Carmel ran out of time and was not able to talk about what was happening with the remaining recommendations. And of those she did mention some of them need to be be accelerated, particularly treatment of loan sharks. Interest rates have been capped, but a lot more needs to be done.
She also gave this earlier speech to the Child Poverty Action Group in November last year where she said this:
… there are around 20 WEAG recommendations where work is underway or they are being actively considered whilst the remainder will need to be phased in as part of the medium and longer term, work programme.
Overhauling the welfare system is a large, expensive, complicated task with many moving parts and was always going to take more than one term of government.
As I’m sure you will appreciate many of the proposed changes for the welfare overhaul have fiscal implications and are therefore Budget sensitive so I am limited in what I can say today.
But I can give you a guide to the government’s longer term intentions within the welfare space.
In the medium-term 2 – 4 years, we will be focused on:
- Re-setting the foundations of the welfare system
- Increasing income support and addressing debt
- strengthening and expanding employment services
- improving supports and services for disabled people, people with health conditions and disabilities and their carers
- enhancing the community sector
In the longer term, 4 to 5 years and beyond, we will be focused on:
- Simplifying the income support system
- Aligning the welfare system with other support systems and Reviewing housing and childcare supports.”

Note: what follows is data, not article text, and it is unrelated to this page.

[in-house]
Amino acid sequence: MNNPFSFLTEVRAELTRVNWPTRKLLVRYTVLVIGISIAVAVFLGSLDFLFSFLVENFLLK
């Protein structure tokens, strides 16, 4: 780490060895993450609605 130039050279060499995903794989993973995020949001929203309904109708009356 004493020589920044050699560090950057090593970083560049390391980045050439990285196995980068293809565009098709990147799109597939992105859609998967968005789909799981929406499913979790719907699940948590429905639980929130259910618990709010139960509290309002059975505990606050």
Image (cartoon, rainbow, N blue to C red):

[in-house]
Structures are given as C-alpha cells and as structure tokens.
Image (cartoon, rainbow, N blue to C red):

Of the two original recommendations that have been implemented the increase in abatement levels needs to go much further in my opinion. The original abatement level was set in the 1990s and has only been increased by minimum wage increases.
Of course the big one is recommendation 26, increases to core benefits. The Government is urged to:
Increase, as soon as possible, overall income support to levels adequate for meaningful participation in the community, as defined by the minimum income standard (which reflects different family circumstances, for example, children, disabilities and regional area) and maintain this level of support through appropriate indexation.
Clearly there are divergent views amongst the Government parties what these should be. And National would behave like a pig in muck at any sign of increased benefits. After all it has attacked minimum wage increases even though Bridges says National wants to grow the economy for everyone.
Hopefully the next budget will include real increases to basic levels. Although to be fair to the Government its Families Package introduced in the first 100 days included the Best Start payment for families with new babies as well as the winter energy payment, and made significant enhancements to the family tax credit, the foster care allowance, orphans benefit, unsupported child benefit and the accommodation supplement.
I know that the Government has been criticised for not improving things more quickly. My own view is that this is like turning the Titanic around. National in Government made a myriad of decisions, a budget cut here, a legal tweak there, to change things for the worse. Labour will need a similar time, and a similar determination to roll back those nine years of changes.